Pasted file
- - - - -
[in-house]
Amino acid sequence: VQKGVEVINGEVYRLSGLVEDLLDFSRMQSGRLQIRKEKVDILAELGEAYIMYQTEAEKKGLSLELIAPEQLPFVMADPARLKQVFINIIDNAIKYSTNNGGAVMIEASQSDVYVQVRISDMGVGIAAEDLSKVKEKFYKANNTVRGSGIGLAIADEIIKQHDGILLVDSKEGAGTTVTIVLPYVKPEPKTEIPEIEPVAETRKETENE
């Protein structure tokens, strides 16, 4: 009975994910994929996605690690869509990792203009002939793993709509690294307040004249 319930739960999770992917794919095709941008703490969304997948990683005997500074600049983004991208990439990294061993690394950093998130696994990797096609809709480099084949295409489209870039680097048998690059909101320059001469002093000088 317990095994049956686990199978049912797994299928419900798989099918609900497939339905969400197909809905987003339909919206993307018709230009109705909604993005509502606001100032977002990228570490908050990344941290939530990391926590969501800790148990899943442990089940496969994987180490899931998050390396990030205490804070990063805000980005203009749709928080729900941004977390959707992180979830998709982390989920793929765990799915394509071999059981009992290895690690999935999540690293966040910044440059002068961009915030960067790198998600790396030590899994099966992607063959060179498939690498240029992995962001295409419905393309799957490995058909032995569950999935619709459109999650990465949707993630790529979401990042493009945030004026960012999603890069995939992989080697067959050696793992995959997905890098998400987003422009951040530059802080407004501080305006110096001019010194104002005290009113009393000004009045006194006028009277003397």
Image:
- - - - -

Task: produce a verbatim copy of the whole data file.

[in-house]
Amino acid sequence: VQKGVEVINGEVYRLSGLVEDLLDFSRMQSGRLQIRKEKVDILAELGEAYIMYQTEAEKKGLSLELIAPEQLPFVMADPARLKQVFINIIDNAIKYSTNNGGAVMIEASQSDVYVQVRISDMGVGIAAEDLSKVKEKFYKANNTVRGSGIGLAIADEIIKQHDGILLVDSKEGAGTTVTIVLPYVKPEPKTEIPEIEPVAETRKETENE
């Protein structure tokens, strides 16, 4: 009975994910994929996605690690869509990792203009002939793993709509690294307040004249 319930739960999770992917794919095709941008703490969304997948990683005997500074600049983004991208990439990294061993690394950093998130696994990797096609809709480099084949295409489209870039680097048998690059909101320059001469002093000088 317990095994049956686990199978049912797994299928419900798989099918609900497939339905969400197909809905987003339909919206993307018709230009109705909604993005509502606001100032977002990228570490908050990344941290939530990391926590969501800790148990899943442990089940496969994987180490899931998050390396990030205490804070990063805000980005203009749709928080729900941004977390959707992180979830998709982390989920793929765990799915394509071999059981009992290895690690999935999540690293966040910044440059002068961009915030960067790198998600790396030590899994099966992607063959060179498939690498240029992995962001295409419905393309799957490995058909032995569950999935619709459109999650990465949707993630790529979401990042493009945030004026960012999603890069995939992989080697067959050696793992995959997905890098998400987003422009951040530059802080407004501080305006110096001019010194104002005290009113009393000004009045006194006028009277003397």
Image: